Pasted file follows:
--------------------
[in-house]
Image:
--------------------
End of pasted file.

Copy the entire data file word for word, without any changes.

[in-house]
Image: